Help!! How do I connect the overflow and drain assy to my new kohler tub?

Discussion in 'Plumbing Forum, Professional & DIY Advice' started by Scott_V, Sep 8, 2010.

  1. Scott_V

    Scott_V New Member

    Messages:
    20
    Location:
    California
    Once I set the new tub (Kohler Villager) in place I have virtually no access to the overflow and tub drain assy. How do I connect these without cutting a hole in the wet wall and accessing from the adjacent room? I must be missing something obvious?? Or, is this a near impossible task without cutting into the wall to gain access to the plumbing connections?

    Thanks
  2. johnjh2o1

    johnjh2o1 Plumbing Contractor for 49 years

    Messages:
    1,143
    Location:
    South*East
    We install the waste and overflow first then drop the tub onto it. It take some very precise measuring.

    John
  3. jimbo

    jimbo Plumber

    Messages:
    8,997
    Location:
    San Diego
    johnjh has pretty well summed it up. Empahsis on VERY careful measurements.

    Is the wall in that bathroom above the tub still open? About the only thing you can access is necessary is the actual overflow tube by reaching down behind the tub...but not much!

    take your measurements, assemble the W/O in its final insalled position. Then drop the tub in for a looksee. You may have the tub in and out a couple of times to get it right.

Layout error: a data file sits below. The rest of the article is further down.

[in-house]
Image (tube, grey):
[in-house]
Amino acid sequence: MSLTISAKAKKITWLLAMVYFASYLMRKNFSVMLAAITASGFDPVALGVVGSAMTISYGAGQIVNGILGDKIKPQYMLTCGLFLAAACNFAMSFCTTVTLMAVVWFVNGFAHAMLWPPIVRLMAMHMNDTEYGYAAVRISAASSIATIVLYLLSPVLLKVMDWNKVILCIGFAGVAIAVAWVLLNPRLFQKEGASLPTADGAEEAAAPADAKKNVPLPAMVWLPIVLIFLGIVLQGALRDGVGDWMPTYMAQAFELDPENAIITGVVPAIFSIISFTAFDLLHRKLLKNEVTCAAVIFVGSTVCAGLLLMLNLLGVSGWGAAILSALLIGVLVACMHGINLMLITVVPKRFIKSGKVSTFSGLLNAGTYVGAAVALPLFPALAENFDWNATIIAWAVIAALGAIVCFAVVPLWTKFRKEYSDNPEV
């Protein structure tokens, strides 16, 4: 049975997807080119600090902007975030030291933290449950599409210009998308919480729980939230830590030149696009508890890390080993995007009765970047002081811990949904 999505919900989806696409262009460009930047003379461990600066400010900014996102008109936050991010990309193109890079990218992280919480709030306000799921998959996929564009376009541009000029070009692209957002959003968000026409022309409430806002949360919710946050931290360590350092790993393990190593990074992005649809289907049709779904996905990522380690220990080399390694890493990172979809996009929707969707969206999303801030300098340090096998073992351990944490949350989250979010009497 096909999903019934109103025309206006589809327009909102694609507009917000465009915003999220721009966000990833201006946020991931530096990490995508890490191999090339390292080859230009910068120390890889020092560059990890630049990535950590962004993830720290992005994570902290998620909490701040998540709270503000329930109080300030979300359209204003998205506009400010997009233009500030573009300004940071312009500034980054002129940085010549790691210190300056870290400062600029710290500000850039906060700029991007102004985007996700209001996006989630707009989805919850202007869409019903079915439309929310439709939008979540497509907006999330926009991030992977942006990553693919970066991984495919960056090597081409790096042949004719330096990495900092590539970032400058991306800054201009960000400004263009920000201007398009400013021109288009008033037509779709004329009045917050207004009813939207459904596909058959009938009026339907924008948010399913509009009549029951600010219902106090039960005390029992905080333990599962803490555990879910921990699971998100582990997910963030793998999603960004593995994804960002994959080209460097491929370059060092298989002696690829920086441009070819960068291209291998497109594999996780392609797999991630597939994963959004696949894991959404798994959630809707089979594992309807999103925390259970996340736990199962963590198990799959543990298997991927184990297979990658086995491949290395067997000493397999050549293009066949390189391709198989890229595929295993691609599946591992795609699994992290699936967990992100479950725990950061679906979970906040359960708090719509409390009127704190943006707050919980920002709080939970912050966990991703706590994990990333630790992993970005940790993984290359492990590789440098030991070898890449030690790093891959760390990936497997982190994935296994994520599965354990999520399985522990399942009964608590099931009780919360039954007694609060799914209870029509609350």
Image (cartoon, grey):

4. Scott_V

    Scott_V New Member

    Messages:
    20
    Location:
    California
    Guys, I like your idea of installing the waste and overflow first, , and then installing the tub. The problem is that we're installing a 60" 316 lb cast iron tub in a 61" alcove....not an easy task to pull and reset the tub if we need to adjust the wast/overflow alignment. I think I may have a solution: it's a left hand drain tub and the right side wall has a large closet behind it. If I cut out 2 studs and a couple sq ft of drywall I can create an opening through which I can easily slide the tub in and out of in order to make any necessary drain alignment correctons. and since the opening would be in the back of a closet, I could simply cover it with an access door for future use.

    I've installed this type of tub in the past in new construction and have had easy outside access to the plumbing through the opened wet wall. This is my first attempt at a remodel and to complicate matters the wet wall is shared with another shower (yep, back-to-back showers). And, the back wall of the tub alcove is the common townhouse wall and I just don't have the nerve to ask the neighbor if I can rip a hole in their living room wall to acces my plumbing :).

    Anyways, thanks for the advice...very helpful.
    Last edited by a moderator: Sep 9, 2010
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